Christmas just isn’t complete without The Nutcracker.
The Mouse King.
And, of course, the Sugar Plum Fairy and so much more. In all, there more than 122 characters on stage during the ballet.
You can see it at the Detroit Opera House when the Michigan Opera Theatre kicks off the holiday season with the return of BalletMet’s The Nutcracker, with four performances Nov. 25-27. Based in Columbus, Ohio, BalletMet ranks among the nation’s 20 largest ballet companies.
Here are the show times:
- Friday, Nov. 25, 2:30 p.m.
- Saturday, Nov. 26, 2:30 p.m. & 7:30 p.m.
- Sunday, Nov. 27, 2:30 p.m.
The ballet features more than 80 local dancers, as well as the live Michigan Opera Theatre orchestra playing the classic Tchaikovsky score.
To enhance the magical experience, Michigan Opera Theatre is offering several complementary activities during each of the family matinees:
- Live reindeer prior to performance
- Photos with Santa & Nutcracker
- Holiday-themed craft making for the kids courtesy of Arts & Scraps
- Free samples of holiday ice cream courtesy of Treat Dreams
- The Sugar Plum Parade on stage following the performance
- High school choirs in the grand lobby at intermission
A free conversation with the artists begins one hour prior to each performance.
BalletMet will also give a master class on Saturday, Nov. 26 from 11 a.m. – 12:30 p.m. to beginner to intermediate ballet students. The class is free with corresponding ticket to The Nutcracker or $25 without. Pre-registration is required. More information please click here.
“The Nutcracker is a classic, beloved ballet, and we are excited to present it again with our partners at BalletMet,” says Artistic Director David DiChiera. “With music by our Michigan Opera Theatre orchestra, live reindeer and holiday-themed activities to complement the performance, we are proud to offer a truly magical experience to get the entire family into the holiday spirit.”
The Nutcracker is indeed a magical experience. Here’s how the story goes.
Young Clara and her toy Nutcracker-turned-prince take a magical evening journey on Christmas Eve. All the toys around the Christmas tree come to life, and a battle breaks between an army of mice, led by the fierce Mouse King, and the Nutcracker and his army of toy soldiers. When it seems all is lost and the Nutcracker and his army are captured by the mice and their king, Clara saves the day. She throws her slipper at the Mouse King, hits him in the head and he dies.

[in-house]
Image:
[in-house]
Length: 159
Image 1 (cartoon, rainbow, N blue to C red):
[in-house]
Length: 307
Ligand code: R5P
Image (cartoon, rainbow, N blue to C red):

The Nutcracker then takes Clara to the Land of Snow where they see dancing snowflakes. Then it’s on to the Land of Sweets where they meet the Sugar Plum Fairy, who rewards them for their bravery with a celebration of dances. They are all beautiful, but my favorites have always been the Russian Dance and the Waltz of the Flowers.
In the end Clara wakes from her dream and the Nutcracker is once again a toy.
The prominence of the nutcracker in the holidays does beg the question, how did it became so closely associated with Christmas? Here’s the answer, according to The Christmas Game.
It was all because of Peter Tchaikovsky who, in 1892, turned an 1816 E.T.A. Hoffman story, “The Nutcracker and the Mouse King” into the ballet “The Nutcracker Suite.” It was modestly successful, and nutcrackers increased in popularity, but only in Europe.
When American soldiers were stationed in Germany after World War II they discovered the German nutcrackers and sent them home as Christmas gifts. Today, they are a prominent symbol of Christmas.
The Nutcracker is the story of the triumph of good, of acceptance and of goodwill – just the right story for the Christmas holidays.
Ticket prices range from $29 to $110 and may be purchased online at www.MichiganOpera.org, by calling (313) 237-7464 or in person at the Detroit Opera House (1526 Broadway, Detroit). Tickets may also be purchased at Ticketmaster.com, at any Ticketmaster outlet, or by calling (800) 745-3000.
For more information visit http://www.michiganopera.org/dance/the-nutcracker/.